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Association Rules



Association Rules find all sets of items (itemsets) that have support
greater than the minimum support and then using the large itemsets to generate the desired rules that have
confidence greater than the minimum confidence. The lift of a rule is the ratio of the observed support to that expected if X and Y were independent.
A typical and widely used example of association rules application is
market basket analysis. 





Example: 





AIS Algorithm 


 Candidate itemsets are generated and counted onthefly as the database is scanned.
 For each transaction, it is determined which of the large itemsets of the previous pass are contained in this transaction.
 New candidate itemsets are generated by extending these large itemsets with other items in this transaction.






The disadvantage of the AIS algorithm is that it results in unnecessarily generating and counting too many candidate itemsets that turn out to be small.






SETM Algorithm



 Candidate itemsets are generated onthefly as the database is scanned, but counted at the end of the pass.
 New candidate itemsets are generated the same way as in AIS algorithm, but the TID of the generating transaction is saved with the candidate itemset in a sequential structure.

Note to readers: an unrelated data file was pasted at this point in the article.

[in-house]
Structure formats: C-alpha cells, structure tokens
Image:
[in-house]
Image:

At the end of the pass, the support count of candidate itemsets is determined by aggregating this sequential structure.






The SETM algorithm has the same disadvantage of the AIS algorithm.
Another disadvantage is that for each candidate itemset, there are as many entries as its support value.






Apriori Algorithm



 Candidate itemsets are generated using only the
large itemsets of the previous pass without considering the transactions in the database.
 The large itemset of the previous pass is joined with itself to generate all
itemsets whose size is higher by 1.
 Each generated itemset that has a subset which is not
large is deleted. The remaining itemsets are the candidate ones.






The Apriori algorithm takes advantage of the fact that any subset of a frequent itemset is also a frequent
itemset. The algorithm can therefore, reduce the number of candidates being considered by only exploring the itemsets whose support count is greater than the minimum support count. All infrequent itemsets can be pruned if it has an infrequent subset. 





AprioriTid Algorithm



 The database is not used at all for counting the support of candidate itemsets after the first pass.
 The candidate itemsets are generated the same way as in Apriori algorithm.
 Another set C’ is generated of which each member has the TID of each transaction and the large itemsets present in this transaction. This set is used to count the support of each candidate
itemset.






The advantage is that the number of entries in C’ may be smaller than the number of transactions in the database, especially in the later passes. 





AprioriHybrid Algorithm



Apriori does better than AprioriTid in the earlier passes.
However, AprioriTid does better than Apriori in the later passes. Hence, a hybrid algorithm can be designed that uses Apriori in the initial passes and switches to AprioriTid when it expects that the set C’ will fit in memory.